This is what’s frightening about our plight today. We are in a position, as a nation, that we have never been in before. Sure, we’re still the new kids on the world block and by far the most successful national story in history, but our national disposition is not as solid as it once was. Where it once mattered to “be the best we can be, “do the right thing” or be proud to be the World’s Leader, it doesn’t seem to be as high on our importance scale as it once was. More like an eight now instead of a ten.
We will survive for the next generation no doubt. This great economy and our standard of living will continue to flourish just on their sheer size and strength, but the obstacles facing our future grow larger and larger and won’t be readily solved by hundreds of politicos playing their power games. We need to address some of these obstacles now before they really will be insurmountable. I recently received this email that best shows what we have ahead of us that must be solved:

• U.S. Tax revenue: $2,170,000,000,000
• Fed budget: $3,820,000,000,000
• New debt: $ 1,650,000,000,000
• National debt: $14,271,000,000,000
• Recent budget cuts: $ 38,500,000,000

Let’s now remove 8 zeros and pretend it’s a household budget:
• Annual family income: $21,700
• Money the family spent: $38,200
• New debt on the credit card: $16,500
• Outstanding balance on the credit card: $142,710
• Total budget cuts: $385
Got it?
This won’t be solved, or even addressed, by people playing games and worrying about reelection. This is urgent and needs real attention, not the usual Washington attention.


About the Author

Leonard Jackson

As I prepare my “reentry” into the e-world of blogging, I am advised that I should provide my prospective audience with a brief biographical résumé covering my life’s work and future aspirations so that I, and my work, can be properly categorized and thus judged in the proper venue.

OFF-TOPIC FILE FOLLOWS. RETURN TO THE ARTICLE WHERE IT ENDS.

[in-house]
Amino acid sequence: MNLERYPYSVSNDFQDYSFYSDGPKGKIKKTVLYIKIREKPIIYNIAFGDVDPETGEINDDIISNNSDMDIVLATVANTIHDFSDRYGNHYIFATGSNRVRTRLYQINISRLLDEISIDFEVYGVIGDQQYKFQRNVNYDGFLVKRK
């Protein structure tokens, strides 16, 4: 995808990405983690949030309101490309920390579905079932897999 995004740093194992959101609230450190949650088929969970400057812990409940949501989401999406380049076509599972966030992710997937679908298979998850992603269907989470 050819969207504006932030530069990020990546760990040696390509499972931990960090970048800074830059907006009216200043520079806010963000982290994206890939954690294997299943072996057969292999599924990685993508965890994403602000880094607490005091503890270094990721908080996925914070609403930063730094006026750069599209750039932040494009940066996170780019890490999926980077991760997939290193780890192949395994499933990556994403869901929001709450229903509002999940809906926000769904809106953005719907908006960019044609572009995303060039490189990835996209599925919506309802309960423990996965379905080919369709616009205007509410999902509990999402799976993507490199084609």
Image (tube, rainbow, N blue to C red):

Since I will be joining a new group in just a few short months, it came to my attention that for a quick summary I can cover my life span in 20 year segments that pretty well sum up the route that I took to get to where I am today.
In December, the Lord willing, I will become a member of that esteemed group known as Octogenarians. . Now that may be a disturbing, even scary, pigeonhole for some folks to find themselves assigned to, but I’m beginning to realize some real benefits from being maturity advantaged.
The first 20 years I grew up, was educated and began my married life and my career.
Second period was about 20 years in the cotton business in Memphis, TN. Trading this commodity in the world’s largest inland cotton market.
Third period was spent in the municipal bond industry in Memphis, Houston TX
Chicago and finally to my present home in Kansas City, MO.
The fourth 20 years I served as a registered investment adviser to a number of individual clients which I continue to do in a semi-retired capacity.
In addition to all this, over all these years, I have been blessed with a loving wife of sixty years, four children, four grandchildren, two great grandchildren, and a menagerie of grand horses, dogs, cats and a donkey. Providentially, none of these, except of course my patient wife, are still living in the family home.
And now the fifth period will be consumed in my new career. For the first time in all the years I have an opportunity to share my opinions with the world. I can truly express my thoughts without regard to any extenuating conditions. I can just say how I feel about any subject. How liberating. Let the blogging begin!!!!
By the way – what I do in the next period remains to be seen and depends on how well I do in the fifth period.